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Scarfing A Really Heavy, Dense Headstock Onto Lighter Neck Woods?

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I'm making this Tele here and I've got a pao ferro fretboard on the way. The neck is a laminate of cherry (domestic stuff). I'm going to be scarf jointing a separate headstock piece onto the neck.

In the shop, there's this gorgeous long board of Jatoba that the owner tells me I can cut a bit off of to use for a headstock. I think fine, it's a hardwood and it's beautiful and free, win win. So I trace out my headstock design and cut off a tad and put the board back (trying not to hurt myself, it was two feet wide, ten feet long and 3/4" thick).

I go back and pick up the piece I cut off. HOLY CRAP. It's about four inches wide and maybe ten inches long, and it weighs about as much as a small car. This has got to be some of the heaviest, densest, and hardest wood I've ever touched.

So what I'm wondering is if there are any pros OR cons, or if it just doesn't matter, to have a headstock that is made from a WAY heavier and denser wood than either your neck or your fretboard.

Increased sustain? Decreased sustain? Stronger fundamental notes? Weaker?

Obviously being neck heavy would be a concern, but once it's cut down I'm sure it wouldn't be THAT much difference from the weight of maple.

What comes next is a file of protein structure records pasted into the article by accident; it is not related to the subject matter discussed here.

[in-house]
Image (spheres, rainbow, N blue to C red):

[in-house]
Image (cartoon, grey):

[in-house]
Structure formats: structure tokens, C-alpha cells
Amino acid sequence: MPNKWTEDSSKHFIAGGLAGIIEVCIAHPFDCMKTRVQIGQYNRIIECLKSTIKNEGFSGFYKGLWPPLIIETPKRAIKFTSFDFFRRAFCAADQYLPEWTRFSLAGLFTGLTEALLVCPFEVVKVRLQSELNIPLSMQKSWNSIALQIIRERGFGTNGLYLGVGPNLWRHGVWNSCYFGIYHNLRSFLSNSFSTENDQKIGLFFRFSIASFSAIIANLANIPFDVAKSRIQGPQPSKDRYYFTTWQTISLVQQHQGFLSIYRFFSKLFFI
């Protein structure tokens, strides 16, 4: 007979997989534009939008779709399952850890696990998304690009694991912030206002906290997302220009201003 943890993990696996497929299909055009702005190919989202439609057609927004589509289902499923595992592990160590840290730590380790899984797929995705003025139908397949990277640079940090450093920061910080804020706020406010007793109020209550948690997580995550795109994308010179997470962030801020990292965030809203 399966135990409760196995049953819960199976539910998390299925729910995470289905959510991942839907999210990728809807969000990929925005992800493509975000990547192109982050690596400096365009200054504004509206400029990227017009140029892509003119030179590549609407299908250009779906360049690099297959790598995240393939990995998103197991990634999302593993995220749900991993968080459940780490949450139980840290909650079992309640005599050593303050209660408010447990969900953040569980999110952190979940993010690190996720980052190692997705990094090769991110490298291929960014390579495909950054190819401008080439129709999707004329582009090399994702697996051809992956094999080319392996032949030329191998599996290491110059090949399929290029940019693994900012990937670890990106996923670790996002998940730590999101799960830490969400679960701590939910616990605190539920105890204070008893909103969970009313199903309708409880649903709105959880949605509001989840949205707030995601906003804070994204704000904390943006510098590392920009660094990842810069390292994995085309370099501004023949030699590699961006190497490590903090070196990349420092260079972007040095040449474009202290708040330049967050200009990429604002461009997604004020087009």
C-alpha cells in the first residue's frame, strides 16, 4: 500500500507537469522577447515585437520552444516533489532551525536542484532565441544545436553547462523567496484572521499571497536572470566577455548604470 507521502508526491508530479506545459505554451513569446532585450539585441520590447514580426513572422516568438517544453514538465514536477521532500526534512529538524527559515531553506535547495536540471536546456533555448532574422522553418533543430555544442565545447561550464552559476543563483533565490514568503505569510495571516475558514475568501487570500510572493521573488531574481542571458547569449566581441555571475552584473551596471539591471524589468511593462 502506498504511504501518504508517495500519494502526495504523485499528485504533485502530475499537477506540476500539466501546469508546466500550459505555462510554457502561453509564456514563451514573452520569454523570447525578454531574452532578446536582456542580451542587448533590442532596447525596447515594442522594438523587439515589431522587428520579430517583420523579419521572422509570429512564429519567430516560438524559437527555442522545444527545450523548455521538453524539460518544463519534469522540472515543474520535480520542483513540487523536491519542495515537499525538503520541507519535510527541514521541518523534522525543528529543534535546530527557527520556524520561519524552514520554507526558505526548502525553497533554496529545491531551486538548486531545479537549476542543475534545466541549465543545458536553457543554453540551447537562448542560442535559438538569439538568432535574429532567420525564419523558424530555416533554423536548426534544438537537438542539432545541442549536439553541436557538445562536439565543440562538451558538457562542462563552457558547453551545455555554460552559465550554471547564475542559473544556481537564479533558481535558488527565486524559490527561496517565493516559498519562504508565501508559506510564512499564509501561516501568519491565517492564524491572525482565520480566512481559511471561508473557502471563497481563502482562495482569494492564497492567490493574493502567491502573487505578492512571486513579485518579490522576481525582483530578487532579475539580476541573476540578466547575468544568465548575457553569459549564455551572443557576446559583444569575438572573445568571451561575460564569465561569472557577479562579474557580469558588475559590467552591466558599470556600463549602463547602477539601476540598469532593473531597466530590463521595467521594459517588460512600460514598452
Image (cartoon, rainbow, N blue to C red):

I know cherry is plenty strong enough for a neck and the fact that I'm laminating it and using a two way truss rod should mean no problems, but I was just curious since they seem to be so different. It kinda feels like putting a solid ebony headstock on the end of a mahogany neck, just odd.

Any thoughts?

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Yeah, once you cut it down I doubt you'll notice any much of a difference. Aside from shaping, you'll also be drilling out holes for the tuners and that'll drop some weight from it as well. I'm just finishing a 3 piece neck of jatoba and hard maple, jatoba being the center stripe, pretty wide center stripe. I also used it as apart of the the 3 ply laminate I made for the cavity cover. I wanted to make it sturdy, so I add a layer of jatoba as the center layer. Personally I wouldn't ever want to use that stuff for anything other than a thin strip or layer because it is so dang heavy and dense, but small bits shouldn't make too drastic of weight difference. Sound, no idea. Probably is some effect, but I doubt I'd hear it so I try not to worry about it. Anyhow, best of luck to you. J

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The only place I see any problem is when shaping the neck just because of the difference in density. It'll be like a poplar neck with a rock maple head. Probably not that drastic of a difference, but one will sand, plane, crave, and scrape much easier and faster than the other. Just something to be aware of and to plan for in the build. And long as you know the issue is there, you can work around it.

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I used Jatoba for my floors, and a fingerboard on a multiscale (the 2-1/4" wide boards are just wide enough for most fingerboards). It's heavier than lead, the splinters suck and it dulls tools rapidly, but if you have a chunk with some nice colouring and grain, it's a beautiful wood that polishes up to a mirror shine.

Edited by DC Ross
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